Antique brass vessels, figures, and religious objects have long been the specialty of Dhokra (Dokra) tribal metal smiths from Eastern India. The Dhokra are a nomadic group that over several millennia settled in different sections of Indian provinces and ended in tight knit communities in Orissa (now called Odisha), West Bengal ,and Eastern India. They continue to this day to use the same primitive art of metal craft based on the lost wax technique of metal casting that was used in India by the Indus Valley civilization almost 4500 years ago. Their identification with this primitive technique has resulting in the name Dhokra being used generically for “a variety of beautifully shaped and decorated brassware products created by the cire perdue or “lost wax” process. (Smith and Kochhar)
The long and labor intensive lost wax process comprised of several steps, and starts with creating a clay core that is slightly smaller then the ultimate desired artifact. The core is dried in the sun or burnt and then coated with a layer of beeswax mixed with a small amount of oil to the thickness of the desired artifact to create a mold. The mold is coated with another thin layer of clay that is intricately imprinted with design elements. After the clay dries, additional clay layers are added to the mold to make it harder and thicker. The completed mold is heated and the wax is melted and extracted, resulting in a mold with a cavity and one or more channels. Molten metal is poured though the channels to fill the cavity that form the shape of the finished artifact. The mold is allowed to dry and is then fired in an oven. After cooling, the clay mold is broken to release the cast metal object that is cleaned and then details are carved or incised to complete the piece. As stated by Bhattacharya, “These simple steps are being followed since the very primitive age with unfailing success for generating … rare and precious art pieces.”
Displaying simplicity, a strong folk style, and decorated with delightful traditional motifs, Dhokra pieces include figurative objects such horses, elephants, peacocks and other animals; utilitarian items such as grain/rice measuring bowls, chains, and lamps; and religious images of deities like Durga, Laxmi, Saraswati, Krishna, Shiva, and Ganesh. Hindu society has close ties to the Dhokra community as their religious images are highly sought after for home worship (puja) and for many religious festivals. Newly married Hindu couples installed these images to bring prosperity an happiness to their homes. The measuring bowls of different sizes were regarded as symbols of the goddess Lakshmi and were greatly prized by local villagers who could afford them. (Smith and Kochhar) In Hinduism rice plants which are about to be harvested represent the Lakshmi, the Hindu Goddess of wealth, prosperity and fertility. Dhokra items are beautifully and often intricately decorated, very accessible, made with an appealing simplicity, and their uncomplicated forms are forceful and captivating. Being made with the lost wax technique each item has a unique and distinct identity as a unique one-of-a-kind piece of art.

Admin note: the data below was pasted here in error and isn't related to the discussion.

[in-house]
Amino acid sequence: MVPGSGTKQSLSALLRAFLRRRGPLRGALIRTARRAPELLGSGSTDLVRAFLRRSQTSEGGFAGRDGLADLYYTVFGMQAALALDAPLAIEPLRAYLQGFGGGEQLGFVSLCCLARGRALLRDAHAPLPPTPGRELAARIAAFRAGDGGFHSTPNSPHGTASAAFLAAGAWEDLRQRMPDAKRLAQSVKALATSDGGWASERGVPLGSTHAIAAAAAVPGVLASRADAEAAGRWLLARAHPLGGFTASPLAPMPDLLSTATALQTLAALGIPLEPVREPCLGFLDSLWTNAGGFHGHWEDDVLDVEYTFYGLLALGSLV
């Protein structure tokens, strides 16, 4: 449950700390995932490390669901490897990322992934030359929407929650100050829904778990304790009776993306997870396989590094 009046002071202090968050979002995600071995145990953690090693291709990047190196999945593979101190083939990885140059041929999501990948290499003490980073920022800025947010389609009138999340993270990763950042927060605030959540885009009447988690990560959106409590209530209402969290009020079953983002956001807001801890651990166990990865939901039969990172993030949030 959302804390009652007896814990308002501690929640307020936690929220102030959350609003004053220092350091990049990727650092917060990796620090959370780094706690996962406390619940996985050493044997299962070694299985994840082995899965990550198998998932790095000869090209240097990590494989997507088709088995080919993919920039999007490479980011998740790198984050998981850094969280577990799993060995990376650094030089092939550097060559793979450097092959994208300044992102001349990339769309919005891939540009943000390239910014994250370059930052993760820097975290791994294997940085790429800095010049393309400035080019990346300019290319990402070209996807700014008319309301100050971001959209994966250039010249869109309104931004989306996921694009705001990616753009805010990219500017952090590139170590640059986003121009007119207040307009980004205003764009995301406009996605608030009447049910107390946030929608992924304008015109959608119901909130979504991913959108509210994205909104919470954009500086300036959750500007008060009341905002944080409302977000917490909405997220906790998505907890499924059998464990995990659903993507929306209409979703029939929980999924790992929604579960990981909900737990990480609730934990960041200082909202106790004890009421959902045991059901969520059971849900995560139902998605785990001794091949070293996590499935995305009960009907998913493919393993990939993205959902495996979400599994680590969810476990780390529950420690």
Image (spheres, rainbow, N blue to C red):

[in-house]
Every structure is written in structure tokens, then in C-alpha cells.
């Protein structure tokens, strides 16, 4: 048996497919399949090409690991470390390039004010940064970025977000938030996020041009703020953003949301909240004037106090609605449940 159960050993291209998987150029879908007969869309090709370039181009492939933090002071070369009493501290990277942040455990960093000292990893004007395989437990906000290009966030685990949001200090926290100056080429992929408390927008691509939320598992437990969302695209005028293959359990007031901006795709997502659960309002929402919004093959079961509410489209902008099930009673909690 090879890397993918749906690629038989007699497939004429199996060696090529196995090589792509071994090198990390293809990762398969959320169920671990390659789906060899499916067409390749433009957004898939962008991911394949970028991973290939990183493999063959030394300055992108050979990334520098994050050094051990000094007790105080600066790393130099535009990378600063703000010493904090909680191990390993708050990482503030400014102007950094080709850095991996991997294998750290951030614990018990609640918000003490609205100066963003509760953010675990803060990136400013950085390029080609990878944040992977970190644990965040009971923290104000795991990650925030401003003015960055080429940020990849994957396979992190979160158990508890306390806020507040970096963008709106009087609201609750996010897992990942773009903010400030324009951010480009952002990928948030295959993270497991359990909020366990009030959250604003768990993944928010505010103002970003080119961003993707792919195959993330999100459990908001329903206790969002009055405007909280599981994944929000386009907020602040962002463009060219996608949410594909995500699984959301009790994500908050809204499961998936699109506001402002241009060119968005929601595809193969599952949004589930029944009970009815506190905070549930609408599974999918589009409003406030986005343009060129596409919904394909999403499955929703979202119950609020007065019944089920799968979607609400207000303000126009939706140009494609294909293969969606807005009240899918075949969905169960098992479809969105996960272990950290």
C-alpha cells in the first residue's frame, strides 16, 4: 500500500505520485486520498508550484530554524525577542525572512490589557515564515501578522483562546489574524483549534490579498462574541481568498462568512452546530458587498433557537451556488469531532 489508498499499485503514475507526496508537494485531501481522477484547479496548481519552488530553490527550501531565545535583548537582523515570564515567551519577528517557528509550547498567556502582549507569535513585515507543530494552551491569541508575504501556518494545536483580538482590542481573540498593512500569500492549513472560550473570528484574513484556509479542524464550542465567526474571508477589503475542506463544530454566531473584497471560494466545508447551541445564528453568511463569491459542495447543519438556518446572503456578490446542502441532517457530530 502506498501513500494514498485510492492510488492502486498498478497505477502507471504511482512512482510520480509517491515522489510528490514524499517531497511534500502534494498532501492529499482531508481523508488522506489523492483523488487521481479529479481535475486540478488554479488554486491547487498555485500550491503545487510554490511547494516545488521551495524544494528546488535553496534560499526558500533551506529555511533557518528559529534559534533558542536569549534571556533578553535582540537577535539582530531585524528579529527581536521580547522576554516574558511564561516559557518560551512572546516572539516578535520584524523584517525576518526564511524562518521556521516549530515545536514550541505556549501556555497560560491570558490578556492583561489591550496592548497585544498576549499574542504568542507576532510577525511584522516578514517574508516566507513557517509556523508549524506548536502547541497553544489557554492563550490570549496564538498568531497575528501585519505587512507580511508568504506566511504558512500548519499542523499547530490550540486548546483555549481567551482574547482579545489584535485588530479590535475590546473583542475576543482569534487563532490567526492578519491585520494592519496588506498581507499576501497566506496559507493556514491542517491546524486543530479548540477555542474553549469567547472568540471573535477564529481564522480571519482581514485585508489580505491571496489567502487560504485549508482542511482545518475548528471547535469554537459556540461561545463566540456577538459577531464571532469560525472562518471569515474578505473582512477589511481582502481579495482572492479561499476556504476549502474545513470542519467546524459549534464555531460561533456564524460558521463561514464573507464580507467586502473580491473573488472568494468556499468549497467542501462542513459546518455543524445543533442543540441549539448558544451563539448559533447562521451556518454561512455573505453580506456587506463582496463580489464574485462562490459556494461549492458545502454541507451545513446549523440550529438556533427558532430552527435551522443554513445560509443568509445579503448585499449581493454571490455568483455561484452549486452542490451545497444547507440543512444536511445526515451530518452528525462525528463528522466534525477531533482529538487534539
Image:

Items produced by Dhokra tribal artisans, especially antique pieces, are in great demand domestically and internationally, and are, consequently, are very collectable yet still affordable. Unfortunately, like most authentic ethnographic art and artifacts, there is a scarcity of genuine antique and vintage pieces available and the craft and techniques used to create new ones have been declining for many years. Most Dhokra communities struggle with poverty, and many families are leaving the craft to survive. The rising price of raw materials and subsequent high prices for end products are making them less affordable to their natural local market and their primitive techniques result in slow production times. Meanwhile, changing tastes and contemporary preferences for more modern designs are difficult for conservative yet brilliant artisans to respond to, and the lack of government intervention to assist them makes preservation of this age old tradition tenuous. As stated in a 1994 study, “Perhaps the poorest craft group of West Bengal, the Dhokras are the most interesting and creative. In recent years, under the pressure of all-embracing industrialization and changing social values, they have been forced by the loss of their natural rural market to diversify their products and are now seeking, with the help of the government and some voluntary agencies, a market among urban sophisticates, as creators of decorative ware.”
Despite these difficult conditions, however, there is a new emerging global market in the United States, the UK, Italy, and Paris for these unique Dhokra items that can be a boon for these struggling metal smiths and an incentive to maintain their millennial old traditions.